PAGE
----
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Alongside some of your colleagues at Memorial Sloan Kettering Cancer Center, you have looked heavily at overspending in health care due to oversized, single-dose vials of cancer drugs. How did you come to identify this as a significant problem in the industry? Is this a problem unique to infusion drugs, or does this occur with oral therapies and other treatment formulations? 

LS: We came across this problem when we looked at the size of the vials that were being used with high-dollar drugs. This was particularly brought to my attention by pembrolizumab (Keytruda), which at first was available only in large 50 mg vials and then was replaced by only larger 100 mg vials. The problem is not unique to infused drugs. Many high-dollar oral medications, which are sold through specialty pharmacies, come only in bulk packaging, with bottles containing a month’s supply and often costing well in excess of $10,000. It is usually not possible to buy a smaller amount; so, especially if doses are reduced, large numbers of pills are often wasted. They are, however, bought and paid for as if they were all used.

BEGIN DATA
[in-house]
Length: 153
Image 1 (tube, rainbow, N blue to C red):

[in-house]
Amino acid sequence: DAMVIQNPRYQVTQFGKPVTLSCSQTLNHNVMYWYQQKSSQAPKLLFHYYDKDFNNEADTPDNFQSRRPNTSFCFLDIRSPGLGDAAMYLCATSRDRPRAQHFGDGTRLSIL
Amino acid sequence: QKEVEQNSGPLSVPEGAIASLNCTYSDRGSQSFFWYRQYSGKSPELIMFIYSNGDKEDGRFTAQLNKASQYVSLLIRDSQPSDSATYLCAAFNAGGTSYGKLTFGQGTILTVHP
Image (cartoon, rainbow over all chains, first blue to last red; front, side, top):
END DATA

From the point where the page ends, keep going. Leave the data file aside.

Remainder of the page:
In your study, you estimated that avoidable waste from these oversized containers could equate to $1–2 billion. What steps do you think need to be made on the parts of manufacturers and providers to mitigate this problem? What regulatory measures could be taken? 

LS: The manufacturers have no incentive to fix this problem, because to do so could reduce their sales. Right now, making the public aware of the massive amount of waste is an important first step. Ultimately, I think the most effective means of solving the problem is to change reimbursement such that payment is given only for that amount of drug that is actually used. 

Clinical pathways have been introduced at a number of different health care institutions—including Memorial Sloan Kettering. Do you see them as a possible avenue for helping to solve the issue of rising cancer costs?

LS: I think pathways will offer some benefit; however, they will only be meaningfully helpful if they are adhered to. Much of the cost in cancer care occurs in the care that is given beyond the end of the pathway, when standard, approved agents and maneuvers have been exhausted.

Memorial Sloan Kettering recently received a grant to further investigate evidence-based drug pricing. What, in your mind, does a pricing model based on evidence look like, and how could it benefit patients?